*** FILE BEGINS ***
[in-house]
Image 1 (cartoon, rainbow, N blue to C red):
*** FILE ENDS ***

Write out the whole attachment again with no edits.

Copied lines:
[in-house]
Image 1 (cartoon, rainbow, N blue to C red):